Aaron also wanted us to see his friends from his group, the highest group. He wanted us to see his world, and he wanted his friends to see and share his new toys. We tried to stop him, but in the end we always went along. Because of Aaron's persistence, we were forced to face the uncomfortable sights, sounds and smells of his world all through those first weeks. The caretakers were uncomfortable with our presence, embarrassed by what we might see, but they didn't stop us.
Once again, much of what we saw didn't register. It was too chaotic to grasp at first glance. So the first time we rounded the corner and found Aaron's group all sitting on little chairs around the grounds, we didn't immediately understand. Our minds could only absorb it in small pieces. It took us a while to realize that we were seeing "The Picture," the one at the top of this post, in real life. It was a sad reality, shocking because we knew that our boy had lived this way for a year, but also softened because we knew the hearts of the caretakers.
I've prayed and considered how best to tell this part of our story. I don't want to sensationalize our experience, and I don't want to horrify anyone. I am not interested in raising an uproar, even if I could. I only want people to know about the plight of the children who aren't adopted from the baby houses and end up being transferred.
When you first see this picture you probably think, as I did, that it speaks of abuse and neglect. And so it may, in the place where it was taken. But neglect is not necessarily the norm in all such institutes. We have to understand that these Eastern European mental institutes are simply poor, extremely poor. These countries are poor, and most of their citizens are poor. We were told that a college-educated teacher might expect to make only about $3000 US per year. It is not surprising that in such impoverished countries, the poorest citizens-- orphans committed to mental institutions-- have to endure conditions that most of us find shocking. These institutions depend entirely upon money allotted to them by the government, and they're not high on the budget priority list. They rarely receive private donations-- those go to the baby houses-- and the church seems to be most interested in putting shiny brass roofs on all of its neglected buildings.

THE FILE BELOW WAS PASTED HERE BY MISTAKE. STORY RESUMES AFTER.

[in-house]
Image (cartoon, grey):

At Aaron's institute, the staff works hard to make ends meet. They feed the boys as well as they can, and although none of them are emaciated (unlike the picture), they do not have an overabundance of food. It is just enough. The staff is small, too small. The caretakers are overworked and grossly underpaid in their thankless, highly depressing jobs. Their caretaking chores include all of the cleaning and laundry for over 100 boys. They are also commissioned to weed the flower beds and sweep the sidewalks and yards. Many of the buildings don't have indoor plumbing, and even if they do, they are not equipped to handle large volumes.